Ukrainian air base and port damaged as Russian air strikes intensify

Tens of thousands of Kyiv residents shelter in metro from drone and missile attacks

Tens of thousands of Kyiv residents took shelter in its metro stations as Moscow launched waves of missile and drone attacks on the city and hit military and infrastructure sites elsewhere in Ukraine in a bid to weaken the country’s planned counteroffensive.

Ukraine’s military said it shot down all 11 missiles fired by Russia during Monday’s relatively rare daytime attack on Kyiv, hours after air defence units intercepted 66 of an estimated 75 cruise missiles and explosive drones launched during the latest night-time attack on targets across the country.

Flaming debris from the downed missiles fell on city streets amid the 16th air attack by Russia on Kyiv this month, in what analysts see as a bid to map the locations of Ukraine’s air defence systems, deplete its rocket reserves and shake the morale of its people.

“Overnight, more than 9,000 citizens took refuge in subway stations, including 1,120 children. This is the biggest number of people who stayed in stations at night this month. During the daytime shelling of the capital, more than 41,000 people were in the underground,” Kyiv city council said.


Direct hits and falling debris from destroyed drones and missiles caused damage in regions across Ukraine, where tens of thousands of people have been killed and millions displaced since Russia launched a full-scale invasion in February 2022.

“Russian forces hit facilities in Khmelnytskyi. One of them is military. Work is now under way to contain fires in storage facilities for fuel and lubricants and munitions. Five aircraft were put out of action. Repair work of the runway has begun,” said the administration of the province in western Ukraine.

In the Black Sea city of Odesa, officials said the wreckage of a drone fell in the port area, causing a fire and damaging infrastructure at a key hub for Ukrainian exports of grain under a fragile deal with Russia brokered by the United Nations and Turkey.

“Overnight, Russian forces delivered a multiple strike by air-launched long-range precision weapons against enemy facilities at airfields,” said Russian defence ministry spokesman Igor Konashenkov. “The goal of the strike was achieved. All designated sites were destroyed. The strike wiped out Ukrainian command and radar posts, aircraft, armament and ammunition depots.”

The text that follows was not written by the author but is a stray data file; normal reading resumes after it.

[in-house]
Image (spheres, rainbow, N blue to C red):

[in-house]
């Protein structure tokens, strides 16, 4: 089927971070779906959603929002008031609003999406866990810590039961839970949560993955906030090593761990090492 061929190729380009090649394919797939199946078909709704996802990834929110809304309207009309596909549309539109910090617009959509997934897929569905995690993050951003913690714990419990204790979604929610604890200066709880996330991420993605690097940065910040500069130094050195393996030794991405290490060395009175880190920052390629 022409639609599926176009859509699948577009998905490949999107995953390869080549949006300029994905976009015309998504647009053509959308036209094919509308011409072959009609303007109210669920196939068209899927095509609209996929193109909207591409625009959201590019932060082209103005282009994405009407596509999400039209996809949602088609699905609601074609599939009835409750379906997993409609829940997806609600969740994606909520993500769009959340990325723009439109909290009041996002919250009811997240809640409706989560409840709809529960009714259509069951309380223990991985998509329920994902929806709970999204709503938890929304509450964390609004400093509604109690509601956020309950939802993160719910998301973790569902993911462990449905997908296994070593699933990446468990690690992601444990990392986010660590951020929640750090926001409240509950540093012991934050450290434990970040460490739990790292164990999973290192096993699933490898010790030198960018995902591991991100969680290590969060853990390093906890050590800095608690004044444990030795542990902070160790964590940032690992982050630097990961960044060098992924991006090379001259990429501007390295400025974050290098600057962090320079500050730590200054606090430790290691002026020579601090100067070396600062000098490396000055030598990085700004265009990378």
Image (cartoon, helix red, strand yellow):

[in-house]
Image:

Ukraine insists that Moscow’s intensifying air campaign will not deter it from launching a long-awaited counteroffensive to liberate occupied territory in eastern and southeastern regions, which military experts say could aim to retake land linking the Russian border to Crimea, which the Kremlin annexed in 2014.

“All those who tried to intimidate us, dreaming that it would have some effect, you will regret it very soon. Our answer will not be long in coming. Soon everyone will see everything,” said Kyrylo Budanov, the head of Ukrainian military intelligence.

Officials in the Russian province of Belgorod, which borders eastern Ukraine, said one man was killed on Monday by shelling from the Ukrainian military.

Last week, a group of Russian anti-Kremlin guerrillas who are fighting the Kremlin’s invasion force in Ukraine crossed into Belgorod region and claimed control of several villages for about 24 hours.

Ukrainian presidential adviser Mykhailo Podolyak said an eventual post-war settlement must include a buffer zone in Belgorod and other border regions of Russia “to prevent a recurrence of aggression in the future.”

He said that “to ensure real security” for residents of Ukrainian areas adjacent to Russia, “it will be necessary to introduce a demilitarisation zone of 100-120km…probably with a mandatory international control contingent at the first stage.”

Daniel McLaughlin

Daniel McLaughlin

Daniel McLaughlin is a contributor to The Irish Times from central and eastern Europe